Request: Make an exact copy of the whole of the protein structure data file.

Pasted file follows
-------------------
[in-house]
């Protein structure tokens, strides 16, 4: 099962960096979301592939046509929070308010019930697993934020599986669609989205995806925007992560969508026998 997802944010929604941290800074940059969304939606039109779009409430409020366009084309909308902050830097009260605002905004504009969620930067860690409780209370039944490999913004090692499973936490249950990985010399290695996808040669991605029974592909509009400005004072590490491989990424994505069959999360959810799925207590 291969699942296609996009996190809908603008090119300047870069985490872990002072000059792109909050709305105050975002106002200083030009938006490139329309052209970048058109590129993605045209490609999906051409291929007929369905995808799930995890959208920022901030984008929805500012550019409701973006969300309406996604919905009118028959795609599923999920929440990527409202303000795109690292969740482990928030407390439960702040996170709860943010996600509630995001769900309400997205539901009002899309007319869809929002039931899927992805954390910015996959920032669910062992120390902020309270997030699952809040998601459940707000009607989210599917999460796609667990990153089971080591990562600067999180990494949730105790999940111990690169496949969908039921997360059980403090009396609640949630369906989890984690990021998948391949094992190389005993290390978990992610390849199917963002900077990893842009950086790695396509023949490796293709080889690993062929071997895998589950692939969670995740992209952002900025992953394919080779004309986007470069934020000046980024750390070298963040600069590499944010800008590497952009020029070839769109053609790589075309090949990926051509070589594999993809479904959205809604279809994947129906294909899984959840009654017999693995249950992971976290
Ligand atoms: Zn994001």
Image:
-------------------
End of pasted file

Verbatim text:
[in-house]
């Protein structure tokens, strides 16, 4: 099962960096979301592939046509929070308010019930697993934020599986669609989205995806925007992560969508026998 997802944010929604941290800074940059969304939606039109779009409430409020366009084309909308902050830097009260605002905004504009969620930067860690409780209370039944490999913004090692499973936490249950990985010399290695996808040669991605029974592909509009400005004072590490491989990424994505069959999360959810799925207590 291969699942296609996009996190809908603008090119300047870069985490872990002072000059792109909050709305105050975002106002200083030009938006490139329309052209970048058109590129993605045209490609999906051409291929007929369905995808799930995890959208920022901030984008929805500012550019409701973006969300309406996604919905009118028959795609599923999920929440990527409202303000795109690292969740482990928030407390439960702040996170709860943010996600509630995001769900309400997205539901009002899309007319869809929002039931899927992805954390910015996959920032669910062992120390902020309270997030699952809040998601459940707000009607989210599917999460796609667990990153089971080591990562600067999180990494949730105790999940111990690169496949969908039921997360059980403090009396609640949630369906989890984690990021998948391949094992190389005993290390978990992610390849199917963002900077990893842009950086790695396509023949490796293709080889690993062929071997895998589950692939969670995740992209952002900025992953394919080779004309986007470069934020000046980024750390070298963040600069590499944010800008590497952009020029070839769109053609790589075309090949990926051509070589594999993809479904959205809604279809994947129906294909899984959840009654017999693995249950992971976290
Ligand atoms: Zn994001």
Image: